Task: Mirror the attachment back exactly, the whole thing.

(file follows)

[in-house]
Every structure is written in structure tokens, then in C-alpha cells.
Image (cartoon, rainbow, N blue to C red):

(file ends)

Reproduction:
[in-house]
Every structure is written in structure tokens, then in C-alpha cells.
Image (cartoon, rainbow, N blue to C red):